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Genetic modulation of personality traits: a systematic review of the literature

Balestri, Martinaa; Calati, Raffaellab; Serretti, Alessandroa; De Ronchi, Dianaa

International Clinical Psychopharmacology: January 2014 - Volume 29 - Issue 1 - p 1–15
doi: 10.1097/YIC.0b013e328364590b
Review Article

The heritability of human personality traits is by now well established. However, since the first reports on associations between specific genetic variants and personality traits, only modest progress has been made in identifying loci that robustly support these associations. The aim of this study was to provide a summary of literature data on association studies focused on the genetic modulation of personality, according to the Cloninger, Eysenck and Costa and McCrae models. PubMed was searched for papers investigating the association between any gene variant and personality traits, which were grouped into five clusters: (a) anxiety, (b) impulsivity, (c) determination-activity, (d) socialization and (e) spirituality, in healthy individuals, populations and psychiatric patients. A total of 369 studies were included. No clear consensus on the role of any individual gene variant in personality modulation emerged, although SLC6A4 haplotypes and the DRD4 rs1800955 promoter variant seemed to be more reliably related to anxiety and impulsivity-related traits, respectively. Because conflicting results emerged from the literature, plausibly as a result of the combined influence of many loci of small effects on personality, larger sample sizes and more narrow and specific phenotype will be the minimum requirements for future genetic studies on personality. Moreover, gene×gene and gene×environment interaction studies deserve further attention.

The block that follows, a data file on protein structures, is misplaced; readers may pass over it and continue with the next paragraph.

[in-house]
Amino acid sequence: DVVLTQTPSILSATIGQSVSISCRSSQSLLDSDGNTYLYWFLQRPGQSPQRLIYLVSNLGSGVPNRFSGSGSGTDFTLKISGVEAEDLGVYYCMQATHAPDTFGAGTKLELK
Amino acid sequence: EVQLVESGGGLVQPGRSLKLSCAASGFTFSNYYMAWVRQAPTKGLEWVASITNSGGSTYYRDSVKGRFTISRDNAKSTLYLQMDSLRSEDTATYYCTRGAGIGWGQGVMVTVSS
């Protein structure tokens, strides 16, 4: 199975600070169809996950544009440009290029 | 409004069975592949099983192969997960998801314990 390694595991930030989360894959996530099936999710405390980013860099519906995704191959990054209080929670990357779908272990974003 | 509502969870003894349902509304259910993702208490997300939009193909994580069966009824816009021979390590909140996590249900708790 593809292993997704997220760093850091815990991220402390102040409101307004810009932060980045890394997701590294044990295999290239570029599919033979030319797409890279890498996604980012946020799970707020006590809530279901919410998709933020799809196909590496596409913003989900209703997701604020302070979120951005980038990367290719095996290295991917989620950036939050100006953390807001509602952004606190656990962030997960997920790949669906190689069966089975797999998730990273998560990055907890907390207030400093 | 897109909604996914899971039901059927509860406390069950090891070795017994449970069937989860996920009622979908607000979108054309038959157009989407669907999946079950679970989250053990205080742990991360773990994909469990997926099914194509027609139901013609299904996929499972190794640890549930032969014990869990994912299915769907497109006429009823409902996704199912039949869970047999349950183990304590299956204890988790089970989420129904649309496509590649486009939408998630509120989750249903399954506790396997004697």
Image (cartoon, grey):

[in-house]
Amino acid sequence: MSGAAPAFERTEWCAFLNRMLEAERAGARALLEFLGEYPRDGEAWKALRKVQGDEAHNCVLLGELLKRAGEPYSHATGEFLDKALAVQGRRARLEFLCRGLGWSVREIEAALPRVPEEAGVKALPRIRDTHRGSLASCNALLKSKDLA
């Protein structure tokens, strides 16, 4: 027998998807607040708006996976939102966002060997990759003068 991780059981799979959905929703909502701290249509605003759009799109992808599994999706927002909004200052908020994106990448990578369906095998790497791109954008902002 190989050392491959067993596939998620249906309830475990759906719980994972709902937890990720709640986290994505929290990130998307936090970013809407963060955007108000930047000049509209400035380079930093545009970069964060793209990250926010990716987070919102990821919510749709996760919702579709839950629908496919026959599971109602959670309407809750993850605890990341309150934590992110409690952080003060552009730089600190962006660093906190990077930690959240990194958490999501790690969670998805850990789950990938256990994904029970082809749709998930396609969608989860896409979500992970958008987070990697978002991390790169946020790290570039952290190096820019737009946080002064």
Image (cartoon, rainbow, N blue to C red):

aDepartment of Biomedical and NeuroMotor Sciences, University of Bologna, Bologna

bIRCCS Centro S. Giovanni di Dio, Fatebenefratelli, Brescia, Italy

All supplementary digital content is available directly from the corresponding author.

Correspondence to Alessandro Serretti, MD, PhD, Department of Biomedical and NeuroMotor Sciences, University of Bologna, Viale Carlo Pepoli 5, 40123 Bologna, Italy Tel: +39 051 6584233; fax: +39 051 521030; e-mail:

Received February 28, 2013

Accepted June 18, 2013

© 2014 Wolters Kluwer Health | Lippincott Williams & Wilkins